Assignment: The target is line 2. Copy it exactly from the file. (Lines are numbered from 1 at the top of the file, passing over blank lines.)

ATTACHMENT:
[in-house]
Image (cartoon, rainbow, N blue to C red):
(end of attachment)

Image (cartoon, rainbow, N blue to C red):